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Supreme Court, Appellate Division, Third Department, New York.

IN RE: HOLLY F., Appellant, v. DANIEL G., Respondent.  (Proceeding No. 1.)

IN RE: DANIEL G., Petitioner, v. HOLLY F., Appellant.  (Proceeding No. 2.)


Decided: April 29, 2021

Before:  Garry, P.J., Lynch, Clark, Aarons and Colangelo, JJ. Adam H. Van Buskirk, Auburn, for appellant. Pamela B. Bleiwas, Ithaca, attorney for the child.


Appeal from an order of the Family Court of Broome County (Connerton, J.), entered September 19, 2019, which, among other things, granted petitioner's application, in proceeding No. 2 pursuant to Family Ct Act article 6, to modify a prior order of custody.

Pursuant to a 2017 order, Holly F. (hereinafter the mother) and Daniel G. (hereinafter the father) had joint legal custody of a child (born in 2009), with the mother having primary physical custody and the father having parenting time.  In 2018, the mother commenced the first of these proceedings seeking permission to relocate with the child to West Virginia where her husband lived.  The father opposed and cross-petitioned for primary physical custody of the child.  Following fact-finding and Lincoln hearings, which were held over the course of 31/212 months, Family Court, among other things, denied the mother's relocation request and granted the father primary physical custody of the child.  The mother appeals.  We affirm.

A change in circumstances exists based upon the mother's proposed relocation of the child and, therefore, the issue distills to whether the mother proved by a preponderance of the evidence that such relocation served the best interests of the child (see Matter of Kristen MM. v. Christopher LL., 182 AD3d 658, 659 [2020];  Matter of Tanya B. v. Tyree C., 168 AD3d 1154, 1154 [2019] ).  Family Court's findings and credibility assessments are accorded great deference and will not be disturbed when supported by a sound and substantial basis in the record (see Matter of James TT. v. Shermaqiae UU., 184 AD3d 975, 977 [2020];  Matter of Michael BB. v. Kristen CC., 173 AD3d 1310, 1311 [2019] ).

In denying the proposed relocation, Family Court found that the mother gave little thought to the impact that relocation would have on the child's relationship with the father and that there was no evidence to support the mother's claim of improved financial circumstances in West Virginia.  The hearing evidence discloses that the mother worked two days a week at a local veterinary clinic for minimum wage.  During the middle of the hearing, the mother moved to West Virginia and left the child with the maternal grandparents.  There was no indication that the mother was working in West Virginia, notwithstanding her earlier testimony that she had a job offer there.  Indeed, the mother admitted that her husband was paying most of the bills.  The mother's husband testified that he operated a crane business but he did not provide concrete testimony about his earnings.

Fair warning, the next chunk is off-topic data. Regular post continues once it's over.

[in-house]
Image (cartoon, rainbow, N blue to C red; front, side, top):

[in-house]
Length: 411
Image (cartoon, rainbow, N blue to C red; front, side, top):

The child, meanwhile, had been attending the same school in New York for three years and was doing well.  There was also proof that the father had extended family in New York, who could assist him in taking care of the child, and that, when the mother previously relocated to Florida to pursue a different romantic interest before returning to New York, the father had followed the mother to Florida to maintain his relationship with the child.  Because Family Court's findings are supported by a sound and substantial basis in the record, the determination denying the mother's proposed relocation request will not be disturbed (see Matter of Cook–Lynch v. Valk, 126 AD3d 1062, 1064 [2015];  Matter of Julie E. v. David E., 124 AD3d 934, 937 [2015] ).

Regarding the issue of physical custody, once again, because there was a change in circumstances in view of the mother's proposed relocation, the issue is whether Family Court's determination to give the father primary physical custody was in the best interests of the child (see Matter of LeVar P. v. Sherry Q., 181 AD3d 1008, 1009–1010 [2020] ).1  The record discloses that the father could financially support himself and the child and he maintained suitable housing.  Taking into account that the mother was financially dependent on her husband, as well as her various relocations, the court did not err in awarding the father primary physical custody of the child (see Matter of Smith v. McMiller, 149 AD3d 1186, 1188 [2017];  Matter of Basden v. Faison, 141 AD3d 910, 911–912 [2016];  Matter of Gentile v. Warner, 140 AD3d 1481, 1483 [2016] ).  Finally, we note that, although not determinative, the court's determination is in accord with the position of the attorney for the child (see Matter of Coleman v. Millington, 140 AD3d 1245, 1247 n [2016] ).

Garry, P.J., Lynch, Clark and Colangelo, JJ., concur.

ORDERED that the order is affirmed, without costs.


1.   Although Family Court did not make any express findings as to whether awarding the father primary physical custody of the child furthered the best interests of the child, remittal is unnecessary because “the record is sufficiently developed for us to exercise our authority to make independent findings consistent with the best interests of the child” (Matter of Kathleen K. v. Daniel L., 177 AD3d 1130, 1131–1132 [2019] ).

Aarons, J.

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